The first netbooks to hit the market in 2007 shipped with Linux. Microsoft wanted in on the action, and began offering low cost Windows XP licenses to netbook makers, and today the vast majority of mini-laptops ships with Windows. And from Microsoft’s standpoint, that’s probably better than watching one of the fastest-growing segments of the PC industry be dominated by Linux (although you could probably debate whether netbooks would have become as popular as they have if they weren’t shipping with Windows).

But Microsoft isn’t making nearly as much money off of these low cost Windows XP licenses as it does from pricier versions of Windows including Vista Home Premium or Ultimate Editions. And that makes a lot of sense, because you can’t exactly get away with charging $100 for the operating system on a netbook that sells for $300.

But with Microsoft poised to report its quarterly numbers next week, some analysts are looking closely at Microsoft’s “OEM Premium Mix,” which is basically the percentage of OEM computers shipping with higher priced versions of Windows pre-installed. A year ago it was 76. Now it’s closer to 62 percent.

Windows 7 could change things significantly. While some netbooks may ship with a low cost version called Windows 7 Starter Edition, the operating system has been designed from the ground up to work well on PCs with relatively slow processors, small amounts of RAM, and limited storage space. In other words, while many netbooks struggle to run Windows Vista, most should have no problem running even the fanciest versions of Windows 7. And that will let PC makers offer customers a choice of a dirt cheap netbook running Linux, Google Chrome, or a similar free and open source operating system, a slightly higher priced version with Windows 7 Starter. If you’re willing to shell out more cash for additional bells and whistles you can either upgrade to Windows 7 Home Premium or Ultimate on your own, or some computer makers may even decide to offer netbooks with these versions of Windows preloaded. So while next week’s financial results from Microsoft might not be the brightest, I wouldn’t exactly count the company out in the long run.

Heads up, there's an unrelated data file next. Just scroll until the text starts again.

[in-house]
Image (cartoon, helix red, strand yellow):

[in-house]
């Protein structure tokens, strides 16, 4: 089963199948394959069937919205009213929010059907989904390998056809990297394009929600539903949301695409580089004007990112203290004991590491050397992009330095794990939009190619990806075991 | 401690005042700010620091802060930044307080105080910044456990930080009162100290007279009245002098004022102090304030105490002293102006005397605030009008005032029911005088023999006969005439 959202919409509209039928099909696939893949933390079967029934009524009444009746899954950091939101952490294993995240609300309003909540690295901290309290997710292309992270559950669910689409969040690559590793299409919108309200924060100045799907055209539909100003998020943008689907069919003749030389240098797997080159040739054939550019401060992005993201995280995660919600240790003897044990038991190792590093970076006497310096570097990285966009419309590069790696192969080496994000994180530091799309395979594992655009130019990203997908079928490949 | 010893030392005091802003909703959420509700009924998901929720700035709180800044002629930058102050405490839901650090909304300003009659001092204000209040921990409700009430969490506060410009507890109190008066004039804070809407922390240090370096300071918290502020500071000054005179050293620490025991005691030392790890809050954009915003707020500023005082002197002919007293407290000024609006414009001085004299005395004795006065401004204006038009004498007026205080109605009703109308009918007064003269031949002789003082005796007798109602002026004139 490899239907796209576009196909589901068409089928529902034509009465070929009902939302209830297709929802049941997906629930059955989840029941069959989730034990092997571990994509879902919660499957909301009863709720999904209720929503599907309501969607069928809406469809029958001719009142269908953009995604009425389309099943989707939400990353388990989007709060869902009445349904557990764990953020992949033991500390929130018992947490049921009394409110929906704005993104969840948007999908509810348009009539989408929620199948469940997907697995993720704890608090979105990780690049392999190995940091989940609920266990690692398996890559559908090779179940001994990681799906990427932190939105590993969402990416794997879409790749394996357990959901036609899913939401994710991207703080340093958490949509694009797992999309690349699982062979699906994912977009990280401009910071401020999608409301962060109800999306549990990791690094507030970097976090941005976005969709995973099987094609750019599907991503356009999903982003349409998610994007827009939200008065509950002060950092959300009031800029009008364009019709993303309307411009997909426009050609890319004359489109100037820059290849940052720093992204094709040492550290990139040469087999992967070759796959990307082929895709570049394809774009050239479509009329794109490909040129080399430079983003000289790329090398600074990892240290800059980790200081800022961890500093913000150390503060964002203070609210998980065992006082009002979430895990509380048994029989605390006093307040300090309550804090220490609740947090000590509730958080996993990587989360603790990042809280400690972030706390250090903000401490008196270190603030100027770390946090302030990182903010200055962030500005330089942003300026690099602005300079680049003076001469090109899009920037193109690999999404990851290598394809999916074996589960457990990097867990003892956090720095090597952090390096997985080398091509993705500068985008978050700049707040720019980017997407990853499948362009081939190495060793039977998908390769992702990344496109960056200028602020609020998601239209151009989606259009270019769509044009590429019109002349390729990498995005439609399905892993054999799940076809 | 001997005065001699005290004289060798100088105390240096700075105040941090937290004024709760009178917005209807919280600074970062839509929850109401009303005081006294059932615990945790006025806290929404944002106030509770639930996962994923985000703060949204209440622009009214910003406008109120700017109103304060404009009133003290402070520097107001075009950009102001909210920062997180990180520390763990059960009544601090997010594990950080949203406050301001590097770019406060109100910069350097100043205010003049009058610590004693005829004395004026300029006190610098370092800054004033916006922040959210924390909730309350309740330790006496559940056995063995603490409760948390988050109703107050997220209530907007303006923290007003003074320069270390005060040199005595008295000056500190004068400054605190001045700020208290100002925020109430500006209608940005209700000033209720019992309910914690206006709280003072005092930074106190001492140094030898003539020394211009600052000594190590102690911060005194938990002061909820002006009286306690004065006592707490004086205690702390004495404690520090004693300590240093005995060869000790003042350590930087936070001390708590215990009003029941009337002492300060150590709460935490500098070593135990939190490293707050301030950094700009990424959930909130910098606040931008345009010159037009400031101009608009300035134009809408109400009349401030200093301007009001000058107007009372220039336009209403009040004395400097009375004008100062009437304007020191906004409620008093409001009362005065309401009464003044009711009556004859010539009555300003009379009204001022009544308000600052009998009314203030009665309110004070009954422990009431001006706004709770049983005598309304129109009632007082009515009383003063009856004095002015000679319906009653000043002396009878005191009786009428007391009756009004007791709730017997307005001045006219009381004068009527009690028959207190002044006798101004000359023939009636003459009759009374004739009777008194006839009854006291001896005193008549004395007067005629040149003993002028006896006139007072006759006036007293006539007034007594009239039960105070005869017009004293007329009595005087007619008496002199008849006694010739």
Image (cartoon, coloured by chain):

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24 replies on “Strong Windows XP sales on netbooks could hurt Microsoft’s bottom line”

  1. “While some netbooks may ship with a low cost version called Windows 7 Starter Edition, the operating system has been designed from the ground up to work well on PCs with relatively slow processors, small amounts of RAM, and limited storage space. In other words, while many netbooks struggle to run Windows Vista, most should have no problem running even the fanciest versions of Windows 7.”

    What a load of crap. Windows 7 was not “designed from the ground up” to run on netbooks. Netbooks barely came into existence during its initial development (when being designed from the “ground up” would’ve happened), and MS certainly never thought they’d catch on as they have. Windows 7 wasn’t even “designed from the ground up” at all…many of the services have been updated but it’s still based on the creaky, bloated Win32 codebase of Windows 95.

    Windows 7 beta gives me barely-acceptable performance on my HP Mini 1000. Turning off all the useless eye candy (which makes it look more or less like XP) helps.

    1. > Windows 7 was not “designed from the ground up” to run on netbooks.

      Technically true. But limiting extraneous services to allow 7 to run well on resource-constrained systems *was* a goal from the very beginning. When netbooks came along, they became the focus of this study.

      > many of the services have been updated but it’s still based on the creaky, bloated Win32 codebase of Windows 95.

      The Linux kernel dates to ’91. The BSD core of Mac OS dates back to the 70s. A shiny new OS core is not a feature.

      > Turning off all the useless eye candy (which makes it look more or less like XP) helps.

      It’s *intended* to run on netbooks in no-eye-candy mode. That’s how it will ship on netbooks. Eye candy sells — witness the Mac — but by definition no one really needs it. If you need those cycles back, turn it off.

  2. EeePC 1000h and there is no way that any kind of Microsoft OS is touching its pristine SSD.